The Priestly literature is the only corpus of texts in the Bible that prescribes as an eternal law, directly from Yahweh’s mouth, the festival of Yom Kipper—but see Ezekiel too, a text not incoincidentally also written by an Aaronid priest in exile. In fact, the priestly literature is the only corpus of texts in the Bible that commands certain sacrifices (#155), festivals (#109-110, #118), holy days (#171), covenants (#31), and other cultic practices associated with the Aaronid priestly guild as “eternal laws.”
Thus, for example, the priestly writer places these as eternal laws on the lips of his god, Yahweh: Passover (Ex 12:14, 17), the observance of Unleavened Bread, Booths, and the Day of Atonement (Lev 23:14, 41; 16:29, 31); the Aaronid priesthood itself (Ex 29:9; 40:15; Lev 6:15); the daily lamp that must be kept lit by the Aaronid priests (Ex 27:21; Lev 24:4); the Aaronid priesthood’s portion of the sacrifices (Ex 29:28; Lev 6:11; 7:34; 10:15; 24:9); the washing of the Aaronid priests as they enter the tabernacle (Ex 30:21); and the prohibition of beer and wine for Aaronids before entering Yahweh’s presence (Lev 10:9). In addition to these “eternal laws,” there is the eternal prohibition against the consumption of fat—all fat is Yahweh’s (see #172). All of these “eternal laws” are furthermore decreed from the mouth of Yahweh himself. However, it should not come as a surprise to learn that in this text written by Aaronid priests Yahweh is seen legitimating and authorizing the very beliefs, practices, and care of the Aaronid priesthood and its sacrificial cult that was dear to the Aaronid priesthood itself. Again, this was exactly the purpose of these archaized texts. This is properly what we would call propaganda—texts written to legitimate, endorse, and promulgate at any and all expenses the views and beliefs of an elite guild—views and beliefs here authorized through the mouth piece of that particular culture’s deity, in this case Yahweh.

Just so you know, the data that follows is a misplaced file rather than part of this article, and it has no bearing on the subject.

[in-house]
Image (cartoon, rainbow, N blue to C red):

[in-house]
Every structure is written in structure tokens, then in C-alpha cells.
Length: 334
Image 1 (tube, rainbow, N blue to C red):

We also recognize that such “eternal laws” were forged in and through temporal perspectives and a specific temporal referent—i.e., the temple and its sacrificial cult. These “eternal laws,” therefore, are written from a temporal perspective that does not, and cannot, foresee what was to come centuries later—Titus and his troops, the besieging of Jerusalem, and the utter destruction of the temple with its sacrificial cult and also the above mentioned “eternal laws”! Such “eternal laws” decreed from the deity’s mouth itself are rather literary and rhetorical techniques used by ancient scribes to authenticate the scribe’s and his guild’s very temporal and culturally forged laws, beliefs, and customs. The same techniques are used by New Testament writers as well. Modern readers ignorant about ancient literature are likewise often ignorant of these, and similar, literary ploys and techniques. But alas, as they say, ignorance is bliss, and I think what this cliche means is that bliss is only attainable through ignorance!? Maybe heaven is too?